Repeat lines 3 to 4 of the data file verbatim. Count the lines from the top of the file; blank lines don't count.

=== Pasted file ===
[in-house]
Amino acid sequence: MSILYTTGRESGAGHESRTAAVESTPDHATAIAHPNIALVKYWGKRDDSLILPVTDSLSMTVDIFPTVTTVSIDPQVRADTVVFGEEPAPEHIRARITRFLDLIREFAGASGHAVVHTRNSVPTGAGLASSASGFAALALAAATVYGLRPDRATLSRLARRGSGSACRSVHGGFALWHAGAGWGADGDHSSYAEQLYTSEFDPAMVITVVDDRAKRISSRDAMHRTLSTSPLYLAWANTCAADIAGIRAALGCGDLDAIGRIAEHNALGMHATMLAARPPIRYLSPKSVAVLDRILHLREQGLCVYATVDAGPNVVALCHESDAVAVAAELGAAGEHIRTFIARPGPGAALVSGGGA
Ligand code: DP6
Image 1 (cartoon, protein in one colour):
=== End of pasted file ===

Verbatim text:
Ligand code: DP6
Image 1 (cartoon, protein in one colour):